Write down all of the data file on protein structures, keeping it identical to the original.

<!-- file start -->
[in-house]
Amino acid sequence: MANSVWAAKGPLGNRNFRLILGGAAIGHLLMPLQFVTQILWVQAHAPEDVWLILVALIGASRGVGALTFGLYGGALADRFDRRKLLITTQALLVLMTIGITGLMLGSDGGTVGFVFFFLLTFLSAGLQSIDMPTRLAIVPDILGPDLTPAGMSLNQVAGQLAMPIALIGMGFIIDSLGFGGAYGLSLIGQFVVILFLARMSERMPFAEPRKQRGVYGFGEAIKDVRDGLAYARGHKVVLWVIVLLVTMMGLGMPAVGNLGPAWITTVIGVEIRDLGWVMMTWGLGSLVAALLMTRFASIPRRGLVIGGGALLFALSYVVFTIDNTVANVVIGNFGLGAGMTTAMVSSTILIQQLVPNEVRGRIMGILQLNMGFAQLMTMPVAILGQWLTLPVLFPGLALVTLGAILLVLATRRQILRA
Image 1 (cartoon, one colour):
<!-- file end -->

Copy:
[in-house]
Amino acid sequence: MANSVWAAKGPLGNRNFRLILGGAAIGHLLMPLQFVTQILWVQAHAPEDVWLILVALIGASRGVGALTFGLYGGALADRFDRRKLLITTQALLVLMTIGITGLMLGSDGGTVGFVFFFLLTFLSAGLQSIDMPTRLAIVPDILGPDLTPAGMSLNQVAGQLAMPIALIGMGFIIDSLGFGGAYGLSLIGQFVVILFLARMSERMPFAEPRKQRGVYGFGEAIKDVRDGLAYARGHKVVLWVIVLLVTMMGLGMPAVGNLGPAWITTVIGVEIRDLGWVMMTWGLGSLVAALLMTRFASIPRRGLVIGGGALLFALSYVVFTIDNTVANVVIGNFGLGAGMTTAMVSSTILIQQLVPNEVRGRIMGILQLNMGFAQLMTMPVAILGQWLTLPVLFPGLALVTLGAILLVLATRRQILRA
Image 1 (cartoon, one colour):